|When the Corbusian International Modern style, with its contempt for
ornament, imposed itself on architecture, figures like Gaudí (1852-1926)
were relegated to the sidelines. In this volume, Lahuerta situates
Gaudí in his context and vindicates his fin-de-siècle bohemian modernity.
in such powerful images as the spires of the Sagrada Familia and the
flames rising from burning churches during the Tragic Week of 1909, the
story takes us back to the Barcelona of the early twentieth century,
when class struggle threatened to topple the prevailing capitalist
Drawing on rare original documents collected over several
decades, the author shows that Gaudí was not an isolated eccentric but
an architect who was keenly aware of the key theories and major works of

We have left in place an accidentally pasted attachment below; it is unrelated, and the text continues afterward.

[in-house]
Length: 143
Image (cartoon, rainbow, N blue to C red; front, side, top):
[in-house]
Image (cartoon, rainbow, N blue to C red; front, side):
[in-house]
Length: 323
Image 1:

his time and the creator of revolutionary technical innovations. His
analyses of Gaudí’s writings reveal a pioneer in the use of industrial
processes to produce ornamental details that seem handmade today.
novel was the way that Gaudí exploited his status as a public figure, a
‘media personality’ whose fame is reflected in the many caricatures of
the architect and his buildings in the popular press.
on avant-garde artists like Dalí, who admired the edible appearance of
the Milà house, and Picasso, who was fascinated by the eroticism of the
Batlló house, attest to the importance of Gaudí’s contribution to
This entertaining volume is part of Columns of Smoke, a
series of publications in which Professor Lahuerta turns his perceptive
eye on the official narrative of modernity and its protagonists and the
relationship between architecture, decoration and the print media.